I wish I could describe the hope I felt when I first came to understand this truth. I found it in Dallas Willard’s book The Spirit of the Disciplines, and most of this chapter flows from the spirit of understanding that underlies his work. For much of my life, when I heard messages about following Jesus, I thought in terms of trying hard to be like him. So after hearing (or preaching, for that matter) a sermon on patience on Sunday, I would wake up Monday morning determined to be a more patient person. Have you ever tried hard to be patient with a three-year-old? I have—and it generally didn’t work any better than would my trying hard to run a marathon for which I had not trained. I would end up exhausted and defeated. Given the way we are prone to describe “following Jesus,” it’s a wonder anyone wants to do it at all.
Spiritual transformation is not a matter of trying harder, but of training wisely. This is what the apostle Paul means when he encourages his young protégé Timothy to “train yourself in godliness.” This thought also lies behind his advice to the church at Corinth: “Everyone who competes in the games goes into strict training. They do it to get a crown that will not last; but we do it to get a crown that will last forever.”
Athletics was familiar imagery to Paul’s audience. Corinth was the site of the Isthmian Games, second only to the Olympics in prominence in ancient Greece. Paul himself had probably been in Corinth during the games of A.D. 51 and, according to Gordon Fee, may even have made tents for the visitors and contestants needing accommodations. That a competitor would strive for the crown by simply “trying really hard” apart from training was unthinkable. In fact, any athlete who entered the games was required to undergo ten months of strict training and could be disqualified for failing to do so. Paul said he, too, had entered a life of training, “so that after proclaiming to others I myself should not be disqualified.”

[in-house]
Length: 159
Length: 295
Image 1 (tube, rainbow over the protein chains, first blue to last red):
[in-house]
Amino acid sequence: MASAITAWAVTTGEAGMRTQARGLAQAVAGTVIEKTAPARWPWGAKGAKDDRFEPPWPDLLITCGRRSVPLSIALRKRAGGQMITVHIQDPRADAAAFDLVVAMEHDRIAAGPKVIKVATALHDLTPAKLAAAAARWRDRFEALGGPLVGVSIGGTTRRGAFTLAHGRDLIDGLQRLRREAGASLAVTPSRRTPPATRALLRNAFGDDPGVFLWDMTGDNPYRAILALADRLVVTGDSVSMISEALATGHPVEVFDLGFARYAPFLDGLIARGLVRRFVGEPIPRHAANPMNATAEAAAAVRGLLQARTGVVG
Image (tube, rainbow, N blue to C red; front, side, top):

Respecting the distinction between training and merely trying is the key to transformation in every aspect of life. People sometimes think that learning how to play Bach at the keyboard by spending years practicing scales and chord progressions is the “hard” way. The truth is the other way around. Spending years practicing scales is the easy way to learn to play Bach. Imagine sitting down at a grand piano in front of a packed concert hall and having never practiced a moment in your life. That’s the hard way.
This need for preparation, or training, does not stop when it comes to learning the art of forgiveness, or joy, or courage. In other words, it applies to a healthy and vibrant spiritual life just as it does to physical and intellectual activity. Learning to think, feel, and act like Jesus is at least as demanding as learning to run a marathon or play the piano.
For me, this truth brought light to the darkness. For the first time as an adult, I found the notion of following Jesus a real, concrete, tangible possibility. I could do it. Following Jesus simply means learning from him how to arrange my life around activities that enable me to live in the fruit of the Spirit. — The Life You’ve Always Wanted: Spiritual Disciplines for Ordinary People (John Ortberg)
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